It’s no secret that an enjoyable living situation can make or break someone’s college experience. This sentiment can spark some nerves for Fairfield University students as the yearly housing lottery approaches.

Not only does this anxiety stem from the desire to choose quality roommates, but the process can be overwhelming due to all of the steps required, especially for first-year students. 

There are also multiple housing locations to choose from, adding even more layers to the decision-making process. 

To be fair, this is not solely a Fairfield issue. In all facets of life and at all universities, choosing where to live, and who to live with, for a prolonged period of time is not meant to be a simple experience.  

One perk of Fairfield University is that “housing is guaranteed for four years to all full-time, matriculated undergraduate students”, according to the Office of Residence Life. 

The University, with the assistance of Residence Life, also makes a concerted effort to ensure that sufficient updates about the housing process are given to students. This allows them to have enough time to prepare and utilize the available resources for making their decisions.

These resources include the Roommate Finder Form, the Housing Director with all of the necessary information, and the Roommate Selection Portal.

The University’s efforts are certainly evident and appreciated by many. However, as with most things, there is always room for improvement and questioning.  

One major issue that was present in past years was the implementation of forced triple rooms on campus due to a housing shortage. According to an article from The Fairfield Mirror in Sept. 2021, “nearly 16 percent of first years living on campus are in rooms converted from the standard doubles to triples.” It is difficult to imagine this being enjoyable for both the students that were living in these as well as the administration fielding complaints.  

The construction of Bowman Hall in 2023 and other on-campus projects have aimed to address this issue, but how can the administration make sure these issues don’t recur with the undergraduate classes continuing to rise every year? This is certainly a question for the University to consider as it assesses its incoming classes.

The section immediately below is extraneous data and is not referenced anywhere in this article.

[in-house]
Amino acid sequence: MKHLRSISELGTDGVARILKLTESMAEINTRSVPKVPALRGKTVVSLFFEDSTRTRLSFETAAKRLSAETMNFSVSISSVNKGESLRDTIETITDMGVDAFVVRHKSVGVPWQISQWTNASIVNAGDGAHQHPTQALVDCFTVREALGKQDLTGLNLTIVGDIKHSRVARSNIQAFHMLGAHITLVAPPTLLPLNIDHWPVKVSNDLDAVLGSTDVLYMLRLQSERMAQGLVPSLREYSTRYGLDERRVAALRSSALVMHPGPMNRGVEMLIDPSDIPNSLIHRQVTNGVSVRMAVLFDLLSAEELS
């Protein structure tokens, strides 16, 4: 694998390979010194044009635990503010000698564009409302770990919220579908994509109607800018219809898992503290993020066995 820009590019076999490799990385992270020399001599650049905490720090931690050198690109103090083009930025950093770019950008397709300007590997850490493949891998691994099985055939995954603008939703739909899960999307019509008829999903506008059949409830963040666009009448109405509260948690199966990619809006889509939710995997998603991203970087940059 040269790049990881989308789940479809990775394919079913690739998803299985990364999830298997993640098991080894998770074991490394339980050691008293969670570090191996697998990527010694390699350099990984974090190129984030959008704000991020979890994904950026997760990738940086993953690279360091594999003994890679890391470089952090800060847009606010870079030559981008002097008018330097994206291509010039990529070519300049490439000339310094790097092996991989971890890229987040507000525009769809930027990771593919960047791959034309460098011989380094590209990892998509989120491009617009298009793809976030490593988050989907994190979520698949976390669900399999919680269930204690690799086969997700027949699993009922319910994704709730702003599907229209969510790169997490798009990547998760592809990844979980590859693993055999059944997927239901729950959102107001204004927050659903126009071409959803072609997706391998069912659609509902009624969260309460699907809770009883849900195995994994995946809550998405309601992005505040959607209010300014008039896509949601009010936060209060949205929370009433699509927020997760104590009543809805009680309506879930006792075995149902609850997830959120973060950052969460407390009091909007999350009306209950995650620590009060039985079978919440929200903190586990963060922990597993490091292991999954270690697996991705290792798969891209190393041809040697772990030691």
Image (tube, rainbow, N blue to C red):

In addition to this dilemma, while first-year housing is not exactly meant to provide the most luxurious living experience, the discussion about randomization when it comes to choosing housing locations and roommates is another important topic.

In a 2019 article from The Atlantic, Carlos Gonalez, Executive Director of Residential Services at Northwestern, believes “the primary objective of randomizing roommate selection for first-year students is to have them ‘transcend their comfort zone—by engaging with people, disciplines, and ideas that diverge from what they are used to.’”

Not every school adopts this method of pairing roommates, but it could be worthwhile for the University to get a gauge of student satisfaction regarding its hands-on approach to pairings for first-year dorms, as well as its effectiveness in fostering friendships throughout college rather than allowing students to choose their own roommates. This could be done with modalities such as anonymous surveys and data research.

While Fairfield does a commendable job at providing the most guidance possible throughout this process, all of these points are going to need to be addressed adequately as the school continues to grow. 

It is important to acknowledge the inconvenient reality that the housing process is never going to be a perfect formula, especially when trying to accommodate thousands of students and their living arrangements. 

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